The sensors, however, are better utilised now as Mobvoi has bumped TicMotion up to version 2. This automatically recognises and logs outdoor runs and walks. Most fitness and sports watches now have this type of functionality but not all Wear OS watches. So it’s good Mobvoi has implemented it. Nevertheless, I prefer to start exercises manually as the auto-recognition typically misses out the first few minutes of your workout. But it’s good to know that it’s there as a backup.
Mobvoi has also introduced something it calls TicPulse. This allows for more detailed tracking of your heart rate, even in Essential Mode. It also slaps on extreme heart rate alerts. If you’re wondering about accuracy, you might get the occasional erroneous spike or dip but the heart rate sensor is fairly good.
As far as software, the watch comes installed with the latest version of Wear OS. The platform still has a way to go but it has been improving over the years. The most recent addition are quick-glance Tiles. This feature provides easy, swappable access to important information on your watch.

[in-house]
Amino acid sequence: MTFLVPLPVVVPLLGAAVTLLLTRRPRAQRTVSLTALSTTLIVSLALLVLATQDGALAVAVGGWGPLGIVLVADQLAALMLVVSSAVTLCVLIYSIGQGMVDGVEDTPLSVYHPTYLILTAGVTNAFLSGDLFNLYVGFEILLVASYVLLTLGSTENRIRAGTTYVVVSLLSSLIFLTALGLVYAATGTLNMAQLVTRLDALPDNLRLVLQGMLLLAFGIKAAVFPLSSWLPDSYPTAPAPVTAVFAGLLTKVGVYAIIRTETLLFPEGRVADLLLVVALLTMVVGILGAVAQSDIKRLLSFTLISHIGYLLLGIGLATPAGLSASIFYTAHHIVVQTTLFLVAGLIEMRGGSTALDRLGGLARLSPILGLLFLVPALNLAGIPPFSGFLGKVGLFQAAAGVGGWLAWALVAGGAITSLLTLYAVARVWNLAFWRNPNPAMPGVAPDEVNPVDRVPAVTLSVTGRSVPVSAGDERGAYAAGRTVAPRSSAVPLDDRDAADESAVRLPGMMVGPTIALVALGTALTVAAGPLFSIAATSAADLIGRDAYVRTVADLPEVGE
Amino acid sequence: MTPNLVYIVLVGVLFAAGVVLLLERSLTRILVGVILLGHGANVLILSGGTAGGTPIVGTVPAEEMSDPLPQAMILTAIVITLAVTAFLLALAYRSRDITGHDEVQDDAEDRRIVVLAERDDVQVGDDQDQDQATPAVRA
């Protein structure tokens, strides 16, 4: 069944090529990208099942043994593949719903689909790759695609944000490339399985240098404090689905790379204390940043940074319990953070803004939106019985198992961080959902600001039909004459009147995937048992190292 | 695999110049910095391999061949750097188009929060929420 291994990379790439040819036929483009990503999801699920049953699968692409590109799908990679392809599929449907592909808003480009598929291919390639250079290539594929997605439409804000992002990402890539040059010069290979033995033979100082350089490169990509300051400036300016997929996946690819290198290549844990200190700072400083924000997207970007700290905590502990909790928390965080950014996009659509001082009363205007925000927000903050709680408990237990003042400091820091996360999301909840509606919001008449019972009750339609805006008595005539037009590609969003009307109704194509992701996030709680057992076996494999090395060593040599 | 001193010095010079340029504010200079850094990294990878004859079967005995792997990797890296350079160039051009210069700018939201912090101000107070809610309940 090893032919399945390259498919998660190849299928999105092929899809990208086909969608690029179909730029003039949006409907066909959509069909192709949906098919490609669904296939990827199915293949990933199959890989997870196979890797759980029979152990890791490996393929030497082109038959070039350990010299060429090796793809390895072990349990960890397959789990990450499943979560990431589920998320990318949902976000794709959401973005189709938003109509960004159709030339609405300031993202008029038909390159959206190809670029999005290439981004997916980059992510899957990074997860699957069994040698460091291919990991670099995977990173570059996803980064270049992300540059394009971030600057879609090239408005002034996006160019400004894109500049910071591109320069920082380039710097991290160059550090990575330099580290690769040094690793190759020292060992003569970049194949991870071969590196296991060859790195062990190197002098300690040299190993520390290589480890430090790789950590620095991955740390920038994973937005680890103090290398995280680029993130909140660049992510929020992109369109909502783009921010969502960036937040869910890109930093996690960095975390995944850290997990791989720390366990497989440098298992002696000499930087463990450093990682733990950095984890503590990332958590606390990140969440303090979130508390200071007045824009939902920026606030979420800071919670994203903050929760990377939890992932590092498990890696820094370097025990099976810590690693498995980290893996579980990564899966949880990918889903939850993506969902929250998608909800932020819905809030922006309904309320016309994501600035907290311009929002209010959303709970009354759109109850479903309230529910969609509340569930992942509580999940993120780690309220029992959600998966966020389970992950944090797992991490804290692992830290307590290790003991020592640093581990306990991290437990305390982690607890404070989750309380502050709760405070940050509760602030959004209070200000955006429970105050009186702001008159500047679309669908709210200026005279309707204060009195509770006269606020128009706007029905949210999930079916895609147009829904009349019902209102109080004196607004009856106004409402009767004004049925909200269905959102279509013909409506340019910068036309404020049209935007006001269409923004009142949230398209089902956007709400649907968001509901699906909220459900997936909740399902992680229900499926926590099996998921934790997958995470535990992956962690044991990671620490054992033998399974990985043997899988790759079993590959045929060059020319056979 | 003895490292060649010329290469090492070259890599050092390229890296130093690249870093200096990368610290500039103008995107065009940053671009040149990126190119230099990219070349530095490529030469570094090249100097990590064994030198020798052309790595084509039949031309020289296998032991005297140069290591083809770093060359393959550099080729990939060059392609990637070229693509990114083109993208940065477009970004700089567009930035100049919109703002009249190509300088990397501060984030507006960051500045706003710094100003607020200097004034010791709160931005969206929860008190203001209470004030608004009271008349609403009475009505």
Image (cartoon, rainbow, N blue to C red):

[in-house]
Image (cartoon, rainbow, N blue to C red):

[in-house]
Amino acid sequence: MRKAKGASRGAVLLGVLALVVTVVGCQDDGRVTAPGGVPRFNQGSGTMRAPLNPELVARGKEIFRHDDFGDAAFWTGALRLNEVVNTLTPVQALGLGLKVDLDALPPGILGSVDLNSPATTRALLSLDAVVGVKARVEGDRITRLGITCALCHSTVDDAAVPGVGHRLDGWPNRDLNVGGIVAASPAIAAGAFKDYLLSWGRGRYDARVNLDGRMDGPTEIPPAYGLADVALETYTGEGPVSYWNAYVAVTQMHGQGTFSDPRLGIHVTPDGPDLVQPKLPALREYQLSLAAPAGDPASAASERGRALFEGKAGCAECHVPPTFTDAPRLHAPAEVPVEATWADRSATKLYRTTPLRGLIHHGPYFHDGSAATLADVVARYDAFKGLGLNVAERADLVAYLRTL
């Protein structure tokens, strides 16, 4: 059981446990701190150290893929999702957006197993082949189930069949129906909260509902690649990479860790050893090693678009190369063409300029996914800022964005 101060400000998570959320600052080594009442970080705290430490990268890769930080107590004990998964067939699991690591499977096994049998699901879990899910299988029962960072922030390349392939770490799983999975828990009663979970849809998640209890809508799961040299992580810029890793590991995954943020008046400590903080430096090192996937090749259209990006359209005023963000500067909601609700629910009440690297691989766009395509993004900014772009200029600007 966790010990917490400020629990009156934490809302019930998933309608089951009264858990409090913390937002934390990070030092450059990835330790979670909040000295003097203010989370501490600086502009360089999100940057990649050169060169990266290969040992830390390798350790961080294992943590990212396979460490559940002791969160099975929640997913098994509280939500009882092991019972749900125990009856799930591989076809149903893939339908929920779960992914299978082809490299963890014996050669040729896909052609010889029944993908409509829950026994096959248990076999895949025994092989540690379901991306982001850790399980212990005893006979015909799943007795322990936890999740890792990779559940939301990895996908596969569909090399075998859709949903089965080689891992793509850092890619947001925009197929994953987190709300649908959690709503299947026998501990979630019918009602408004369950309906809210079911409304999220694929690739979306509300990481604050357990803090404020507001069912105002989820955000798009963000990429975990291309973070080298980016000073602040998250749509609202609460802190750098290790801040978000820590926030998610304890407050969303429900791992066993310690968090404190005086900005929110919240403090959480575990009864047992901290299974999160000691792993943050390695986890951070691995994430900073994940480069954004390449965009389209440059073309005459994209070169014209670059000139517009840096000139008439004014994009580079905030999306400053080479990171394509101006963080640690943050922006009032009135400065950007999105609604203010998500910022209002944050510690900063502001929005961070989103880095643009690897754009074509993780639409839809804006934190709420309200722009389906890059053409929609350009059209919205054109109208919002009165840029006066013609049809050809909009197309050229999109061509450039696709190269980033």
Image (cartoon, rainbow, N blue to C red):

Mobvoi goes a step further than some other Wear OS device manufacturers in that it provides the addition its own proprietary software. Users are given the option of using the Mobvoi app. I actually preferred it to Google’s software, as it’s visually more pleasing and you have access to a wealth of detailed stats.
This, however, requires you to have two apps installed on your smartphone in order to get the watch to sync – Wear OS and Mobvoi. A bit annoying – but it is what it is. When setting up, everything is done through the Wear OS app. This will let you create an account, pair the watch to your phone, edit settings, choose a clock face and more.
Most of these settings can be accessed via the watch later on, too. For example, you can change the watch-face simply by tapping and holding anywhere on the current watch-face.
You also need to go through another short setup process in order to use Mobvoi proprietary software. This is if you plan on utilising TicExercise for tracking workouts, TicHealth, for looking at daily activity data, TicPulse, for heart rate and the company’s smartphone app.
The benefits of using Mobvoi software is that the data is richer, it works faster than using Google Fit and with TicPulse the watch continuously monitors your heart rate. As mentioned, this works even during Essential Mode, where the device will capture your heart history for up to 30 days. Google Fit, on the other hand, has a larger selection of workouts.